Cleaning and Remanufacturing the Foam PCR


Foam PCRs can be reused if the outer layer is not damaged, but they must be cleaned. Soap and water are poor cleaners for PCRs as they do not remove many toner additives and OPC powders. A mildly abrasive, soapy cleaner is one of the best solutions to clean PCRs. The mild abrasive cuts through stubborn films and the soap removes the debris. Many solvents have a tendency to attack rubber and most plastics. Care should be taken in selecting a cleaning solvent. One of the best for plastics is Exxon's Isopar C. This quickly evaporating solvent has low toxicity, but is flammable. In states like California, where clean air laws are quite strict, the best PCR cleaning solution is still a mildly abrasive nontoxic soap cleaner. As printers run faster and longer, the possibility for reusing the foam PCR without remanufacturing it diminishes. The Canon patents prevent the aftermarket from duplicating the foam PCRs although several soft rubber PCRs have been manufactured as a substitute. I am not aware of any soft rubber PCRs that are equal in all respects to the Canon foam PCRs. Remanufacturing the original foam PCR is a sound alternative.

A Word About Conductive Grease


It is a fairly common practice for remanufacturers to grease the conductive plastic clip that holds the PCR in the cartridge. This is done to improve electrical contact between the PCR metal shaft and the clip, while reducing friction and wear on the clip. The only grease that should be used, if one is used, is electrically conductive grease. Thermally conductive greases have been mistakenly used in the past. The intended purpose of these products, commonly available from electrical supply stores, is to improve heat dissipation for electronic components that give off a lot of heat. They are electrically insulating greases and counterproductive for use in remanufactured cartridges. When applying electrically conductive grease to the PCR clip, remanufacturers generally use as little as possible. Care must be taken that the grease is only applied to the clip and the metal shaft of the PCR. Grease on the PCR surface will cause print defects unless you clean it off completely.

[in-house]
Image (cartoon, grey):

Pinhole Defects on the PCR


As on the OPC, pinhole defects on the PCR affect the printing process. As the outer layer of the foam PCR wears thin, it is more susceptible to forming pinhole defects sometime in the next cycle of reuse. In order to prevent this from occurring, the outer layer must be replaced or built-up for reuse. Pinhole defects trap toner and other debris. If it is nonconductive debris, such as paper dust, a noncharging area will develop on the PCR. This defect will express itself in repeating black dots on the printed page (see Figure 9). If the pinhole traps toner, it could express itself as an offset defect. The toner in the PCR pinhole is redeposited on the OPC with each succeeding revolution of the PCR. PCR offset defects are easy to spot because they typically vary in dimension, but repeat at the PCR circumference.

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Using This Information


The foam PCR design is a technogically sound design to solve a number of problems. Fortunately, it is also a good candidate for remanufacturing. There are some very compelling reasons Canon chose not to use hard PCRs in newer print engines. Remanufacturers will do well to remember these as they develop their production processes. Adapting your remanufacturing process to take advantage of the foam PCR's design characteristics will undoubtedly yield good results. For further information, contact Lester Cornelius, president of Optical Technologies Corp., at 800-682-7371, 718-729-4970, fax 718-729-5291 or email otcmail@aol.com.
About the Author Lester Cornelius is the technical director of Remanufacturing Technologies Corp. and an expert in coating formulation. His coatings have been used by OEMs and remanufacturers alike to extend their products lives and performance. Cornelius is also the chairman of the STMC and the Intl ITC.

Copyright 1105 Media Inc.